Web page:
[Santayana, Walter Lippman, and broadcasting]

Sunday, November 27, 1955

This episode is from the WNYC archives. It may contain language which is no longer politically or socially appropriate.

Seldes discusses a letter wherein George Santayana said to Van Wyke Brooks that it is art museums that make America impotent. "The good things are football, kindness and jazz bands." That was before broadcasting. Preferred European culture to American culture. Most extraordinary is the jazz bands. Seldes wonders what did Santayana know about jazz bands, since he left the U.S. around 1912 or 1913. It was not possible to sell religion - commercial approach was not useful. Not only can you sell commodities, you can sell ideas. From an address by Walter Lippman, "The inner principle of a free and democratic society is that the decisions of government are made with the consent of the governed, and that this consent is not to be manufactured; it is to be reached by continuing, rational debate." Seldes says that consent is constantly being manufactured. Consent that we have to live at a certain level. To the idea that a product is better than another. To the idea that one political party is better than another. When you have manufactured consent to one side completely, you get the tyrannical state. Talks about book by Edward Bernays called "The Engineering of Consent." Basic principle: can and must get the consent of people by scientific methods. Public relations and art of persuasion. Advertising and billboards. The minute anyone discusses advertising, he ceases to be the one whom the advertising was directed. They become skeptical and beyond the reach of the simplest kind of advertising. When we don't like an idea, we call it propaganda; when we do like it, we call it a logical presentation of the truth. Radio Free Europe. Where are the exact limits of complete freedom of speech? Are you going to permit the manipulation of the public? Are we going to allow the consent of the governed to be manufactured? We don't know. Popularity of giveaway programs in Great Britain like Take Your Pick and Double Your Money. BBC is forbidden from discussing any pending subject of legislation. Similar practice in Canada. The consent which we think we give as a result of using our minds is more often the result of a skillful manipulation of our emotions.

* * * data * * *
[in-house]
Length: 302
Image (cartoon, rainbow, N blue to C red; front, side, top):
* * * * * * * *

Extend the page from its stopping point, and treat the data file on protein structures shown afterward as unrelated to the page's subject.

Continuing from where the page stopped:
Audio courtesy of the NYC Municipal Archives WNYC Collection

WNYC archives id: 70375
Municipal archives id: LT6570

Hosted by:

Gilbert Seldes


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About Lively Arts, The

Legendary critic and author of The Seven Lively Arts Gilbert Seldes discusses big-thinking issues in art and life from his characteristically populist perspective.

Simultaneously a timely and visionary program, Gilbert Seldes's The Lively Arts (1953-1956) examines contemporary issues of 1950s television, radio, and theater, as well as current events and the intellectual arts. Seldes, who was the first Director for Television at CBS News and the founding Dean of the Annenberg School of Communications at the University of Pennsylvania, was also a renowned critic, author, playwright, and editor. As a major social critic and observer, Seldes viewed theater, television, and radio with a prescient eye to the future based on a well-informed understanding of the past. 

These programs feature commentary and discussion on a wide range of topics — from sex and censorship in the movies to progressive education to juvenile delinquency to political campaigning on television — many of which are still hotly debated today. Serving as a precursor to Seldes's television programs and providing an audio context for his seminal books, this show is key to understanding today's cultural commentary.


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